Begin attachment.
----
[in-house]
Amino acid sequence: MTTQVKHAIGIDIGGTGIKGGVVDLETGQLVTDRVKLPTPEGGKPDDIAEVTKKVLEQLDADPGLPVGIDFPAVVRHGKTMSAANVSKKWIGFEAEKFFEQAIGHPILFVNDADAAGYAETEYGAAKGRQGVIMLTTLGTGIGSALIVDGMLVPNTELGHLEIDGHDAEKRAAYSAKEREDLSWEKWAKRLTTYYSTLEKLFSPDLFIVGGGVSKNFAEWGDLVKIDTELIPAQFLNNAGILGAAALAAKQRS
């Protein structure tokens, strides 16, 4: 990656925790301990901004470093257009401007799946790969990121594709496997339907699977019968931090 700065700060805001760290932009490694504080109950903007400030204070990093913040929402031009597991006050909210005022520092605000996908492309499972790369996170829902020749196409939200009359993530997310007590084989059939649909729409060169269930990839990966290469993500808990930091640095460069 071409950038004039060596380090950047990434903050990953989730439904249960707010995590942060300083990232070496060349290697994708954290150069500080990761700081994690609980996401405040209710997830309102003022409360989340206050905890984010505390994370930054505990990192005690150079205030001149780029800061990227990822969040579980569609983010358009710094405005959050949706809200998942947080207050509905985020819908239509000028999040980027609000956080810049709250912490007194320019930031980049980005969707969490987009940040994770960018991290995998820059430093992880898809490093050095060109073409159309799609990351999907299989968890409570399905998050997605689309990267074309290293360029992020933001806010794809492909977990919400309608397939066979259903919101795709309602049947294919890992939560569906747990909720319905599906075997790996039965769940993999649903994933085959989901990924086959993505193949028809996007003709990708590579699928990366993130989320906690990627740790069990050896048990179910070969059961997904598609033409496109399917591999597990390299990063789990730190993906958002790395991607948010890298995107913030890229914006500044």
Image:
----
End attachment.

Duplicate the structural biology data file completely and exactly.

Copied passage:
[in-house]
Amino acid sequence: MTTQVKHAIGIDIGGTGIKGGVVDLETGQLVTDRVKLPTPEGGKPDDIAEVTKKVLEQLDADPGLPVGIDFPAVVRHGKTMSAANVSKKWIGFEAEKFFEQAIGHPILFVNDADAAGYAETEYGAAKGRQGVIMLTTLGTGIGSALIVDGMLVPNTELGHLEIDGHDAEKRAAYSAKEREDLSWEKWAKRLTTYYSTLEKLFSPDLFIVGGGVSKNFAEWGDLVKIDTELIPAQFLNNAGILGAAALAAKQRS
């Protein structure tokens, strides 16, 4: 990656925790301990901004470093257009401007799946790969990121594709496997339907699977019968931090 700065700060805001760290932009490694504080109950903007400030204070990093913040929402031009597991006050909210005022520092605000996908492309499972790369996170829902020749196409939200009359993530997310007590084989059939649909729409060169269930990839990966290469993500808990930091640095460069 071409950038004039060596380090950047990434903050990953989730439904249960707010995590942060300083990232070496060349290697994708954290150069500080990761700081994690609980996401405040209710997830309102003022409360989340206050905890984010505390994370930054505990990192005690150079205030001149780029800061990227990822969040579980569609983010358009710094405005959050949706809200998942947080207050509905985020819908239509000028999040980027609000956080810049709250912490007194320019930031980049980005969707969490987009940040994770960018991290995998820059430093992880898809490093050095060109073409159309799609990351999907299989968890409570399905998050997605689309990267074309290293360029992020933001806010794809492909977990919400309608397939066979259903919101795709309602049947294919890992939560569906747990909720319905599906075997790996039965769940993999649903994933085959989901990924086959993505193949028809996007003709990708590579699928990366993130989320906690990627740790069990050896048990179910070969059961997904598609033409496109399917591999597990390299990063789990730190993906958002790395991607948010890298995107913030890229914006500044």
Image: